eW Reach Powercore is powerful enough to brilliantly illuminate large architectural façades and structures. eW Reach Powercore offers an alternative to traditional metal halide sources, providing more lumens of output (over 8,500 lumens at 2700 K; over 11,000 lumens at 4000 K) and unparalleled light projection (over 700 feet at 2700 K; over 800 feet at 4000 K) than any other competitive light fixture. This powerful fixture represents the next generation in exterior illumination.

Here is the press release from Philips.

2009
09.02

Starting September 1st, 2009, the EU has banned the importation of incandescent bulbs. You can still sell the bulbs but you can no longer import and restock. This is a huge move as incandescent bulbs waste most of the energy through heat output and not light. A similar ban of incandescent imports will start in the US sometime in 2012.

This is a great announcement as people and companies are forced to switch to compact fluorescent lighting and LED lights which are more energy efficient and last much longer.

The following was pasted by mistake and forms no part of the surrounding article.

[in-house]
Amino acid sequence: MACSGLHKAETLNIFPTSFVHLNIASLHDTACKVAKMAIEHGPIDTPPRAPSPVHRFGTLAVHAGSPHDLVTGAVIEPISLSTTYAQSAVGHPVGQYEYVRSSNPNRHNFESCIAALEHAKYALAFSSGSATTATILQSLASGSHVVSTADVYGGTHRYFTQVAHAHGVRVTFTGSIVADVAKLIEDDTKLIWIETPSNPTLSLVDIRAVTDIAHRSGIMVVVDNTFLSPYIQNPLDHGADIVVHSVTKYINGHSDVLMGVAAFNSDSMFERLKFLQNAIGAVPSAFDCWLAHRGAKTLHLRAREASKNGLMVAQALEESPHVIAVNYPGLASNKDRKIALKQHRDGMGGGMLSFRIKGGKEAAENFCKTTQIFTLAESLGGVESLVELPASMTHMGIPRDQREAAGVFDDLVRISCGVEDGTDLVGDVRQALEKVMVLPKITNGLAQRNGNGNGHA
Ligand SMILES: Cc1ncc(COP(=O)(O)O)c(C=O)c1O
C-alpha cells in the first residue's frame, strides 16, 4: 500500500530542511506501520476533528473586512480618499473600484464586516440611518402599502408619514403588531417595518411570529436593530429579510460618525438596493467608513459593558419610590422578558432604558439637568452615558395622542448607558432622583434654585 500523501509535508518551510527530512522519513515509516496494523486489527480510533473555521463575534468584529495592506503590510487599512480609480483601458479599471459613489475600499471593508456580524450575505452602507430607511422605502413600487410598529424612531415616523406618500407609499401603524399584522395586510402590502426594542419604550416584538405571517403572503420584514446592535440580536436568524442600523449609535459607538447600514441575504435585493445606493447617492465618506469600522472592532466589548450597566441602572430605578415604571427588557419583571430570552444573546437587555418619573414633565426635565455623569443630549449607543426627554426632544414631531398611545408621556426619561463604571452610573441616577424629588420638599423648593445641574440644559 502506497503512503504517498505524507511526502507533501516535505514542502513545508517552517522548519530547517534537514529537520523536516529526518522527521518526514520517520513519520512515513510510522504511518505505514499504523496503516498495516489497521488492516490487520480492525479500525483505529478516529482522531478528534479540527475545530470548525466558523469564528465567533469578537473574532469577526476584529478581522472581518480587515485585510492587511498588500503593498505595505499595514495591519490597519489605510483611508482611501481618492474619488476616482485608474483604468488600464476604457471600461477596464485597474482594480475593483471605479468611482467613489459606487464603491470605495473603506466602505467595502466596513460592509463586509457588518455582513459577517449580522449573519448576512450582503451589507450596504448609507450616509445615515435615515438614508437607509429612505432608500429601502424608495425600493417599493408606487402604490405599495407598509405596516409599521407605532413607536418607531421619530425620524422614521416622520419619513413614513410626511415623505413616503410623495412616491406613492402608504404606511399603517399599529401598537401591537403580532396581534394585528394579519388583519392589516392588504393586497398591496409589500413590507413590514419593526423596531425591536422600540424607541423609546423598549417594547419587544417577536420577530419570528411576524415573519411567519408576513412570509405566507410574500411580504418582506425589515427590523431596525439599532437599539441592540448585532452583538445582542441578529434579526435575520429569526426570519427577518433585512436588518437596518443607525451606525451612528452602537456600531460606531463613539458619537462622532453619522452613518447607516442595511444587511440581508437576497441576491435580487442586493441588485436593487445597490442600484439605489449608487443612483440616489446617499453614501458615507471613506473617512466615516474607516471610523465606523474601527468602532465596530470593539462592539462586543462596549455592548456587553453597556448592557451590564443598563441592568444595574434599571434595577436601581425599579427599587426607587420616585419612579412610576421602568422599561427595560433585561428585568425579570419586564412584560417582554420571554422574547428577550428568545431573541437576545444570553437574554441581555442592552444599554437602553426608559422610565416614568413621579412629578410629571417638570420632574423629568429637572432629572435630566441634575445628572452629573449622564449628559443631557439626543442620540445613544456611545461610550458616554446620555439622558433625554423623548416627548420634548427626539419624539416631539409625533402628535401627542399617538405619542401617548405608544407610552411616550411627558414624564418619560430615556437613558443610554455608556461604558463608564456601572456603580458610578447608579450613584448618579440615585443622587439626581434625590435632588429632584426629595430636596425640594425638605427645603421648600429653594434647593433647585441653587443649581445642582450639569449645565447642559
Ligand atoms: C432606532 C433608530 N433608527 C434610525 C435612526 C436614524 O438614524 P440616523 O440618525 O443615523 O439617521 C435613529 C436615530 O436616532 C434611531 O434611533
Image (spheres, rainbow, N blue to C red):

Original story from NPR

2009
09.01

1000 Lumen LEDOsram has developed a small light-emitting diode spotlight that achieves an output of more than 1,000 lumens for the first time. That’s brighter than a 50-watt halogen lamp, thereby making the device suitable for a broad range of general lighting applications. The Ostar Lighting LED, which will be launched on the market this summer, can provide sufficient light for a desk from a height of two meters, for example. Its small size also enables the creation of completely new lamp shapes. Source: Siemens

For more information, please visit this articles web page.

2009
09.01

So I came across a few blogs about farming in the city. “New York” the magazine just published an article about creating a skyscraper dedicated to farming. The building uses renewable energy (solar power, wind, and pellet power), recycles all the waste water as well as plant matter.

skyfarming070409_1_300b_513

I quote from the article:

Imagine a cluster of 30-story towers on Governors Island or in Hudson Yards producing fruit, vegetables, and grains while also generating clean energy and purifying wastewater. Roughly 150 such buildings, Despommier estimates, could feed the entire city of New York for a year. Using current green building systems, a vertical farm could be self-sustaining and even produce a net output of clean water and energy.